The current situation our country is experiencing with the COVID-19 pandemic is anxiety inducing for many people. Not having control over the situation, being under lockdown, and living with the fear of contracting the virus has left many people feeling uneasy and unsettled. But sometimes these feelings are more than just nervousness. Anxiety is a real disorder and it affects millions of people around the world.
Anxiety disorder can be difficult to manage especially during this trying time. But what is it and how can you deal with it?
What is anxiety disorder?
The American Psychological Association (APA) defines anxiety as “an emotion characterized by feelings of tension, worried thoughts and physical changes like increased blood pressure.”
Anxiety in moderation is normal, it is your body’s natural response to stress. It is a fear about what’s to come. However, if feelings of anxiety are extreme and last for a protracted period, you may have an anxiety disorder.
If you have an anxiety disorder, you might experience this feeling of fear all the time. It can be debilitating and can stop you from living your life in a normal way, doing normal things like going to work, interacting with people or even leaving the house.
There are different types of anxiety disorders including:
• Generalised anxiety disorder (GAD)
• Social anxiety disorder
• Specific phobias
• Panic disorder
• Obsessive compulsive disorder (OCD)
• Post-traumatic stress disorder (PTSD)
In 2017, the Institute for Health Metrics and Evaluation (IHME) found that just under 300 million people worldwide suffered from an anxiety disorder. The World Health Organisation reports that along with depression, anxiety disorders are the most common mental disorders across the globe. This tells us that anxiety disorders are very real and it’s time to talk about them.
What are some of the symptoms of anxiety disorders?
You feel the palms of your hands getting sweaty. Your feel your heart pounding out of your chest. Your mind is running a mile a minute with negative thoughts about the future. You feel as though you are running out of time; you’re not going to make it. No matter how hard you try you can’t calm yourself down. Inside you’re screaming, and it is evident on your face. The smiles do not cover the worry in your eyes.
Many people experience anxiety in their daily lives but there is a difference between feeling momentarily anxious and having an anxiety disorder. Here are a few symptoms:
• Feeling nervous, restless or tense all the time
• Having a constant sense of impending danger, panic or doom
• Increased heart rate
• Breathing rapidly (hyperventilation)
• Increased or heavy sweating
• Trembling or muscle twitching
• Feeling weak or tired
• Trouble concentrating or thinking about anything other than the present
• Having trouble sleeping (insomnia)
• Panic attacks (which may happen intermittently)
It can often feel like there is no hope, but that is not the case. There are a many things you can do to help ease the effects of an anxiety disorder.
What to do if you have an anxiety disorder:
1. Start by taking deep breaths – taking a moment to close your eyes and do breathing exercises can help to calm you down and it will help you think calmly about the situation at hand.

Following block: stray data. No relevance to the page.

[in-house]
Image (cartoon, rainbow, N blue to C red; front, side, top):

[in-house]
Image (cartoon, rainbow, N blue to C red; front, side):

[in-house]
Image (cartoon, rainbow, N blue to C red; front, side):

2. Practise self-care – looking after yourself by getting enough sleep, exercising and having a daily routine can go a long way to easing anxious feelings.
3. Eat healthily – research shows that eating healthily has a good impact on your mental health. Avoid fizzy drinks, fatty foods and caffeine.
4. Know that feelings are not facts – just because you feel ugly, does not mean you are. Learning to feel your feelings and then let them go is important.
5. Transform your mind – make a concerted effort to change your negative thought patterns by replacing them with positive ones. Tell yourself positive things even if you don’t believe them at first.
6. Practise gratitude – even though you are battling with fear and worry and what could go wrong, look around you and be thankful for the little things that you do already have.
7. Seek therapy – there is no shame in seeing a therapist. Having someone professional to speak to about the way you are feeling can help.
8. Take medication – Taking medication is always an option. Speak to your trusted medical professional about appropriate medication for your anxiety disorder.
We are living in a stressful time and it’s understandable that those suffering with anxiety disorders will be battling. But it’s important, now more than ever, to look after our mental health. It’s very easy during this period of lockdown, where connection with people is limited, to fall into an anxious spiral. It is essential to take time out every day to practice self-care. It may also be helpful to watch what you read on social media. Sometimes it is good to take a break from the news and all the negativity. Remember that this too shall pass. We will come together as a country and fight this pandemic. South Africa has overcome many challenges in the past; this is no different.
Who to contact:
The South African Anxiety and Depression Group:
• For a suicidal emergency contact: 0800 567 567
• 24-hour helpline: 0800 456 789
Adcock Ingram Depression and Anxiety Helpline: 0800 70 80 90
Lifeline SA National Counselling Line: 0861 322 322
Read about how to deal with depression here
Tell us: Have you ever felt overwhelmed by anxiety?